The world of technology is growing faster than ever imagined. Not so long ago were the days when you had to choose between slowly surfing badly designed websites and making a phone call. These days, the demand for constant communication, access to news and online banking while on the move has pushed the evolution of the internet into the palm of our hands.
It is no longer a sight to behold if someone is walking down the street, streaming their Spotify playlists through their brand new Galaxy Tab, while reading the news and Tweeting about it at simultaneously. 3G (third generation) technology has allowed us to access and share information at the click of a button or a swipe of a finger.
It’s a hard concept to grasp that just ten years ago we would sit patiently for two whole minutes and wait for a webpage to load when now, we curse slow-loading mobile internet more than bad traffic on a Friday afternoon.
Where would we be without the technological advancement of 3G? Ten years in the past is our best guess. Without 3G, remote working would be completely out of the question and switching off between work and home was as easy as not having emails bombarding your mobile phone at all times of the night.
It’s not just the workaholic that has been affected by the advancement of internet on the move. Travellers benefit from mobile GPS systems, while families split between cities and countries can chat face-to-face while on the train.
If you find yourself bored whilst commuting to and from A to B, you have the option to download a book or some music, browse the App Store for another addictive game or Facebook the journey away.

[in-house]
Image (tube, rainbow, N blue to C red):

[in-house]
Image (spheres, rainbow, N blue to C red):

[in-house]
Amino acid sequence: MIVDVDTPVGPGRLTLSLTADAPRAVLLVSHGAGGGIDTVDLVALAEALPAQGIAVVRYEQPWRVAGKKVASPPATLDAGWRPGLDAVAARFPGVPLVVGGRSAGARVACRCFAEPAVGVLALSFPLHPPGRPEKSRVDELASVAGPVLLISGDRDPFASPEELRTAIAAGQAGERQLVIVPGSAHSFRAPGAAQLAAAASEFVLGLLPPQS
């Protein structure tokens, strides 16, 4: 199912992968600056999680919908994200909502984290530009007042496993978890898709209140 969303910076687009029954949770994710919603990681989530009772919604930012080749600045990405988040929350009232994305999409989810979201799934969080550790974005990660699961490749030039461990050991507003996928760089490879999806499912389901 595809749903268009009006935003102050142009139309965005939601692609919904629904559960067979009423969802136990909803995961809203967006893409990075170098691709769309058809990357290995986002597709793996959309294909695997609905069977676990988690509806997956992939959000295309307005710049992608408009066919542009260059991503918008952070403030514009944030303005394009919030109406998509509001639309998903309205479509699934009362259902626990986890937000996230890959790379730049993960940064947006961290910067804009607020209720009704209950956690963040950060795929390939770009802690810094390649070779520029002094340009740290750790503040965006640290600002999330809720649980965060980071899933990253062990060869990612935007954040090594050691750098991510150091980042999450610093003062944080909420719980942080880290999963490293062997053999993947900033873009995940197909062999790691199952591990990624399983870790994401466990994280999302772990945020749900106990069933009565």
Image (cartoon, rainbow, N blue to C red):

The power of 3G, however, was greatly underestimated until recent events across the world. Student protests in London, uprisings in theMiddle East and help in finding loved ones after the Japanese tsunami are only a few examples of how 3G technology has helped organise major events.
Citizen journalism has also been on the rise since the ability to upload and share information has become so easy. The Hudson River emergency landing is probably the most famous example of an innocent bystander snapping a shot and sharing it with the world before the newspapers were able to get on the scene.
May 2011 saw the Twitter sphere explode with the news of Osama Bin Laden’s death before the Whitehouse had the chance to give an official statement and the Google Nexus One was revealed online before mainstream news, or even Google itself, got a look in.
The advancement of mobile internet can only get faster and more efficient as it grows in popularity across the world. Currently, 4G is being tested around the UK and promises ultra-broadband speeds and an alternative to home wifi connections. Watch this space – it may not be long before your whole online life goes mobile. The developed countries are talking about 4G and in Pakistan we are still waiting when 3G will come in Pakistan.